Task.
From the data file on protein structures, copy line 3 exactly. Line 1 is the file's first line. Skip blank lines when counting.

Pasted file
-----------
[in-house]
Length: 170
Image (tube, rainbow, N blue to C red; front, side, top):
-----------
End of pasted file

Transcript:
Image (tube, rainbow, N blue to C red; front, side, top):